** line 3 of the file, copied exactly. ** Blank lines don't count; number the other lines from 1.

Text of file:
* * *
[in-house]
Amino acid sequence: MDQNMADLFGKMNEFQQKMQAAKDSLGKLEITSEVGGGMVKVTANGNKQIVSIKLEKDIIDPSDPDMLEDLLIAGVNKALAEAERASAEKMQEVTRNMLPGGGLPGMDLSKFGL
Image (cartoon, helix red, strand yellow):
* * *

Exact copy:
Image (cartoon, helix red, strand yellow):